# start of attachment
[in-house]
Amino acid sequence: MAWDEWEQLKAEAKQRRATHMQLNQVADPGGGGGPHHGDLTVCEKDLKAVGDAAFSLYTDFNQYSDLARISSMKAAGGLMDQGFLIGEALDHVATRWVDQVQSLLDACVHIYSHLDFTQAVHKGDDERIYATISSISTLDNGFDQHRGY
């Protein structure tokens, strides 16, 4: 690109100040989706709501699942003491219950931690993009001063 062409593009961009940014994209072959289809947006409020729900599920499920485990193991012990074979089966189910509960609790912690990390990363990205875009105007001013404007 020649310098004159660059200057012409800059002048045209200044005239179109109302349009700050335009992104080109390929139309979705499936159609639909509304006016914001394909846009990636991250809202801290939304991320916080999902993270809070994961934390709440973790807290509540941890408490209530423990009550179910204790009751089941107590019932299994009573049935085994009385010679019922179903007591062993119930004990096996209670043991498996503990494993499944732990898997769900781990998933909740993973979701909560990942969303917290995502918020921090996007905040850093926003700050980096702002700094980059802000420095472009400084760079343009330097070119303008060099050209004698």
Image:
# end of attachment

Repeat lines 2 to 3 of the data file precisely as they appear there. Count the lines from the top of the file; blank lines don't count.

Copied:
Amino acid sequence: MAWDEWEQLKAEAKQRRATHMQLNQVADPGGGGGPHHGDLTVCEKDLKAVGDAAFSLYTDFNQYSDLARISSMKAAGGLMDQGFLIGEALDHVATRWVDQVQSLLDACVHIYSHLDFTQAVHKGDDERIYATISSISTLDNGFDQHRGY
């Protein structure tokens, strides 16, 4: 690109100040989706709501699942003491219950931690993009001063 062409593009961009940014994209072959289809947006409020729900599920499920485990193991012990074979089966189910509960609790912690990390990363990205875009105007001013404007 020649310098004159660059200057012409800059002048045209200044005239179109109302349009700050335009992104080109390929139309979705499936159609639909509304006016914001394909846009990636991250809202801290939304991320916080999902993270809070994961934390709440973790807290509540941890408490209530423990009550179910204790009751089941107590019932299994009573049935085994009385010679019922179903007591062993119930004990096996209670043991498996503990494993499944732990898997769900781990998933909740993973979701909560990942969303917290995502918020921090996007905040850093926003700050980096702002700094980059802000420095472009400084760079343009330097070119303008060099050209004698």